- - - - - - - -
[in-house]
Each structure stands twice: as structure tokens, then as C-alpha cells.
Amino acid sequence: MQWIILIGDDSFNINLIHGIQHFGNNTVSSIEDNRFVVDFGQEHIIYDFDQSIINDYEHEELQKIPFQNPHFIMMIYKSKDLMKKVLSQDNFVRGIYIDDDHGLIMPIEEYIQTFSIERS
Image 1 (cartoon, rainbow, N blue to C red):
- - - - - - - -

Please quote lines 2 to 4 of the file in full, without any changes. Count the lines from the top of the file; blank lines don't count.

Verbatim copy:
Each structure stands twice: as structure tokens, then as C-alpha cells.
Amino acid sequence: MQWIILIGDDSFNINLIHGIQHFGNNTVSSIEDNRFVVDFGQEHIIYDFDQSIINDYEHEELQKIPFQNPHFIMMIYKSKDLMKKVLSQDNFVRGIYIDDDHGLIMPIEEYIQTFSIERS
Image 1 (cartoon, rainbow, N blue to C red):